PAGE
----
By Lorraine Adams and Howard Kurtz
One of the investigators took photographs outside the home of a prominent Arkansas heiress rumored to be involved with Starr, but the tabloid "came up dry," according to Steve Coz, editor of the Enquirer, and never published anything on the allegations.
The subpoenas, first reported yesterday in USA Today, are the latest effort by Starr's office to determine whether people with connections to the White House have been spreading misinformation about him and his staff. The surveillance by the investigators took place in late 1996, more than a year before Starr began investigating President Clinton's relationship with former White House intern Monica S. Lewinsky. It was unclear yesterday whether Starr knew the investigators had been hired by the tabloid when he issued the subpoenas.
Sidney Blumenthal, a White House aide who has acknowledged telling reporters about previously published information on two Starr deputies, and Terry F. Lenzner, a private investigator retained by Clinton's attorneys in the Whitewater case, were subpoenaed last week and this week appeared before the D.C. grand jury that is investigating the Lewinsky matter.
Vernon E. Jordan Jr., a Washington lawyer and Clinton confidant, is slated to appear before the grand jury Tuesday. Starr's office is investigating whether Jordan was part of an effort by Clinton to keep Lewinsky from revealing a sexual relationship with the president. Jordan has acknowledged finding Lewinsky a lawyer and helping her find a job in New York, but has said both she and Clinton told him there was no sexual relationship between them.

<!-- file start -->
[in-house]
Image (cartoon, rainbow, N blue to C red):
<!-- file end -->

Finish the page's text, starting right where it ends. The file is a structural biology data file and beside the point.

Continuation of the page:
Jordan's grand jury appearance will take place two weeks after it was originally scheduled. That appearance and an earlier interview with investigators for Starr's office were abruptly canceled without explanation. Jordan's lawyer, William G. Hundley, said yesterday he has been assured that this time Jordan will be called as planned.
Coz said yesterday that the White House had nothing to do with the National Enquirer's reporting into Starr's personal life, and would not say who passed on the allegation to the tabloid. "We don't reveal our sources, period," he said.
O.H. "Bill" Mullenax, a former Arkansas state trooper who is now a private investigator in Little Rock, confirmed that he received a subpoena two days ago to appear before a federal grand jury in Little Rock. Also subpoenaed was Tommy Goodwin, a vice president of Mullenax's company, Mid-South Safety Council Inc.
Neither man knew he was working for the Enquirer. Coz confirmed that his newspaper had hired Matrix Group, an investigative firm based in Grand Rapids, and Matrix, in turn, hired Mullenax. Mullenax said yesterday that Ron Mattioli, a Matrix official, simply told him that he was to take photographs of the Little Rock home of Jane Hunt Hardin, the wealthy daughter of trucking company founder J.B. Hunt, as well as any cars parked out front.